<April 25, 2012> The National Association of Home Builders (NAHB) held their annual Spring Construction Forecast webinar for members of the press today, and the organization’s forecasts were decidedly – if cautiously – optimistic. Forecasting rebounding growth in several important categories, the NAHB is clearly suggesting that better days are ahead.
A key indicator of the housing market’s economic health, we follow NAHB and government data closely as the housing market is key driver for the consumer electronics industry generally, and the custom integration channel specifically. The Spring Construction Forecast webinar was started several years ago by the NAHB so its economist’s could share the data they compile with the press.
A brainy group…
This year, the webinar featured three key executives who presented and explained an almost dizzying array of data. David Crowe, Chief Economist & Senior Vice President of the NAHB; Chris Varvares, Senior Managing Director & Co-Founder, Macroeconomic Advisers; and Robert Denk, Assistant Vice President for Forecasting and Analysis, NAHB. A brainy group indeed.
Starting off the conference was Crowe who shared some positive data such as builder sentiment and a housing market index, both of which were up over the last couple of years. But then, Crowe delved a little more deeply into quarterly data, which tends to smooth monthly trends into a more readable format.
Crowe noted that while payroll employment had dipped in March, prior to that, it had shown a nice increase for the previous three quarters. Unemployment, while still high, has been trending downward since 2010.
Fundamentals are fun…
NAHB’s economist also discussed fundamentals that also seem to indicate a positive trend. The message is that current data has settled back down to normal levels as compared to the bubble period of 2004-2007. Data such as the number of households and the ratio of housing price to income have dropped below their inflated highs of the bubble period back to more normal levels.
And the economist reminded everyone that mortgage rates remain at historically low levels. This means that homes are more affordable than they were during the bubble period.
Delinquencies are down…
Crowe also noted that delinquencies are also down – although still at distressingly high levels. Interesetingly, when looking at the inventory of delinquent homes, the average for the U.S. is 8.4 months worth of distressed inventory. That is, it would take about 8.4 months to sell through this inventory.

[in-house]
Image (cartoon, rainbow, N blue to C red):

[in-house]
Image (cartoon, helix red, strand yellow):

But in some states, this rate of inventory can be much higher, such as Florida with 19 months worth of distressed inventory. But it can be lower too. Crowe noted that 24 states have less than six months of distressed inventory.
But most interesting was when the economist got to his forecasts. The NAHB is forecasting up trends in key areas, including sales of new and existing single-family homes for which it showed significantly upward sales through 2014. This is especially surprising as single-family sales had their worst years ever in 2011.
The NAHB says single-family starts are also headed up. According to Crowe, single-family starts will hit 660,000 units in 2013 which is 30% higher than 2012’s 506,000 units. And 2012’s forecasted rate of 506,000 units is a full 17% over the 433,000 units started in 2011.
Of course, 2013’s 660,000 units is still well below the almost 1.3 million unit average from the period of 2000-2003 – or the stable period before the bubble. Still, this is a significant improvement.
Multi-family housing, which is on a different trend than single-family is already doing fairly well…”almost unbelievably well.” The organization expects multi-family to continue to grow, albeit at a more modest pace to a total of 235,000 units in 2013 or 9% over 2012’s 216,000.
Residential remodeling is also forecasted to show respectable growth. Here, like multi-family, RR grew in 2012 by 3.5% as compared to 2010. The NAHB expects a 12% rate of growth in 2012 followed by a 7.9% rate of growth in 2013.
Finally, Crowe showed a colorful map of the United States called the “Long Road Back to Normal.” The color coding on the map was meant to represent the number of single family starts as a percentage of “normal” or the rate of 1.3 million units (again, 1.3 million is the average rate of starts from the period of time prior to the bubble, 2000-2003).
On this chart, the closest to normal are those areas in dark green which represents “greater than 70% of normal.” Most of these states are in the lower and upper Midwest areas. Those states in red are the least normal achieving “less than 45% of normal.” These states are mostly in the rust belt and western states.
So while some of the data including sobering statistics – nationwide, we will still only be at 55% of normal housing construction by the end of 2013 – overall there was a lot of positive forecasting that growth will finally pick up. And, says Crowe, their optimistic forecasts are supported by demographics.